I think more animals will move back into greenspaces, and really their only predator as they readapt to urban environments is the automobile.

  2. mitchigan responds:

    Thanks Loren for the wildlife posts, even though they are not cryptids. We continue to see more and more instances of animals repopulating former haunts, from the beaver, eastern cougar, lynx, ivory-billed woodpecker, coyotes, wolves, etc. Many environmental groups like to continually report gloom and doom for the planet and wildlife. I think stories like the one above are more of a testament to the hard work of people and mankind making amends for past mistakes (along with certain animals adaptability). I remember seeing my first Canada goose when I was in my teens and was absolutely amazed. Now they’re as common as pigeons. Does more work need to be done? Sure. Are many animals in danger? Sure, but it’s exciting to see good news once in a while. The good news stories are out there if you look hard enough. It’s too bad they are under reported by the media to some extent. The earth is in better shape now then when I was born. I expect it to only get better in time.

  3. sschaper responds:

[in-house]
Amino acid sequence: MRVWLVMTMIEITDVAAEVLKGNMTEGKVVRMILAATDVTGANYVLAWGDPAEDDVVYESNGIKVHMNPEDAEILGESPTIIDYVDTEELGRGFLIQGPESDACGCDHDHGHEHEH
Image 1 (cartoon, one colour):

The beaver came back to north central Iowa in the late 70s, early 80s. The county engaged in a program of dynamiting their dams from the drainage ditches (the area used to be marsh and bog, with some islands), and possibly trapping them, and now they are gone. The county regarded them (as they do trees) as nuisances.

    The coyotes are back, Dad saw wolf at the end of a field one day – or a coyote the size of a Scots collie, and a mink chased a pheasant rooster through the dining room window a couple weeks ago – twice.

  4. vaughan responds:

    This is great news. Here in the UK we are seeing otters return to many of our rivers that had begun to get polluted, but now, thanks to conservationists, are becoming clean again.

    In addition to natural dispersal, otters are also being reintroduced to many of their former haunts…

    There is talk of reintroducing beavers and even wolves to the UK (both long extinct here)!

    ‘Pumas’ and other large cats are allegedly seen here in the wild, ‘quite often’ as I guess you will be aware. Most likely as a result of releases following the introduction of laws that outlawed the keeping of dangerous animals some years ago.

    Nice site Loren, thanks.

    Keith (Dorset, UK)

  5. Alton Higgins responds: